|Title:||Inhibition of oxidant formation by myeloperoxidase|
|Publisher:||University of Sydney.|
Heart Research Institute.
Central Clinical School - RPAH
|Abstract:||Myeloperoxidase (MPO) generates highly reactive hypohalous acids (HOX) which destroy invading pathogens. However, tissue damage and disease result when HOX production becomes uncontrolled; evidence for this has been observed in inflammatory pathologies, including atherosclerosis. Given these observations, effective strategies to minimise this damage are required. A series of compounds, ranging from common drugs, to naturally-occurring compounds and novel compounds, were assessed in this Thesis for their ability to inhibit oxidant production by MPO. Therapeutically-relevant concentrations of paracetamol, and lower concentrations of the structurally-related compound apocynin inhibited HOX production in a dose-dependent manner and resulted in the generation of a dimer. A series of naturally-occurring green tea flavonoids inhibited oxidant production in an additive manner, at levels which may be achieved in vivo. Inhibition of NADPH oxidase by these compounds was also proposed. Novel nitroxide compounds, with enhanced in vivo stability, inhibited MPO at least as equally as their less stable counterparts. The related enzyme, eosinophil peroxidase, was less sensitive to inhibition by these compounds. This Thesis has contributed to the knowledge of MPO inhibitors through the examination of a wide range of existing and novel compounds. Furthermore, additional pathways were suggested to be involved including potential inhibition of NADPH oxidase.|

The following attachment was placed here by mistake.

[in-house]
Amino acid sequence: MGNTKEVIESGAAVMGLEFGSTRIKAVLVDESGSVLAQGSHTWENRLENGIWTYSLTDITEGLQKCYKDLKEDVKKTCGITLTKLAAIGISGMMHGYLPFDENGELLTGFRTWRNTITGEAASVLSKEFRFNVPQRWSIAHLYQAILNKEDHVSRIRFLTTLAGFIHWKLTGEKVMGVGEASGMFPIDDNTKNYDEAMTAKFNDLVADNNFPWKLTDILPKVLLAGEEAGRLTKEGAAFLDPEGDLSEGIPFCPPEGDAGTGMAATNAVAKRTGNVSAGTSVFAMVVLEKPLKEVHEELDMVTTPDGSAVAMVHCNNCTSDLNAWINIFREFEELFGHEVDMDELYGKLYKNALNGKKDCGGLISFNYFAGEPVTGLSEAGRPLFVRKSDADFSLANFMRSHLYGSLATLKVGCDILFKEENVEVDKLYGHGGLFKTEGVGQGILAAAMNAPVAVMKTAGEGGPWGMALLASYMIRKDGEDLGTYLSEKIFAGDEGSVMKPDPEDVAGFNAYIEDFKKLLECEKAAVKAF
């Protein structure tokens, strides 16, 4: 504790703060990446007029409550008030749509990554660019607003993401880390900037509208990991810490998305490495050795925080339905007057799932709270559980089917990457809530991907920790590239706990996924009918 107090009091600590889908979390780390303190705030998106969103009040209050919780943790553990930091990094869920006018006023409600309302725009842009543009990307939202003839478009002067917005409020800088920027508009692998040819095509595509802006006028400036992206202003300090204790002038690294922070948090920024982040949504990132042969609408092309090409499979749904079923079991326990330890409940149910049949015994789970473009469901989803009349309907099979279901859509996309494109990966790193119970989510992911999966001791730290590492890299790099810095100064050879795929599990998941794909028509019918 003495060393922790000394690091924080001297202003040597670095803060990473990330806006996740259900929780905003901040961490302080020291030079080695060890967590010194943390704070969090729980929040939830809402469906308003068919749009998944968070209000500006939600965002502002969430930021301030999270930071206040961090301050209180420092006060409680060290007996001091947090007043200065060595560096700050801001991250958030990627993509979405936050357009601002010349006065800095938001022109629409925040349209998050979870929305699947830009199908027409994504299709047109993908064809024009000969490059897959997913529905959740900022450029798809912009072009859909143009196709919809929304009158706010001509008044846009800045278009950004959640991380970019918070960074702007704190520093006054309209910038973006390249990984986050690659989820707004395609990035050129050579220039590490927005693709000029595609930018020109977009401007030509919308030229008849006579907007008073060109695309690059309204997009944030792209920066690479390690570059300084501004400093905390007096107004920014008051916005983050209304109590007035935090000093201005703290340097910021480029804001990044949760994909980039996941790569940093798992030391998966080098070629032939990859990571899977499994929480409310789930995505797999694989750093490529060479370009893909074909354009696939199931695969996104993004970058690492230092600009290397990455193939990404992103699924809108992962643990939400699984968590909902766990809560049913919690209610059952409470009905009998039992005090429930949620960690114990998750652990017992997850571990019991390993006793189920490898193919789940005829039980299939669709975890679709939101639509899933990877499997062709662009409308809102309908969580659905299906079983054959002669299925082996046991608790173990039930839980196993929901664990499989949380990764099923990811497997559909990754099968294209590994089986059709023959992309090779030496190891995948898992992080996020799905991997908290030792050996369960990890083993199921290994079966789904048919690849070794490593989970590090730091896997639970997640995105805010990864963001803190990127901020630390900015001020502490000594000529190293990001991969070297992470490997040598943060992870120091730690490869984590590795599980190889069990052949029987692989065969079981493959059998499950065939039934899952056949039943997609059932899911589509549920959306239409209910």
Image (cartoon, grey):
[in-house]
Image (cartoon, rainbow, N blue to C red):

|Access Level:||Access is restricted to staff and students of the University of Sydney . UniKey credentials are required. Non university access may be obtained by visiting the University of Sydney Library.|
|Rights and Permissions:||The author retains copyright of this thesis. It may only be used for the purposes of research and study. It must not be used for any other purposes and may not be transmitted or shared with others without prior permission.|
|Type of Work:||PhD Doctorate|
|Type of Publication:||Doctor of Philosophy Ph.D.|
|Appears in Collections:||Sydney Digital Theses (University of Sydney Access only)|
|KAJER Tracey - Final thesis.pdf||4.52 MB||Adobe PDF|
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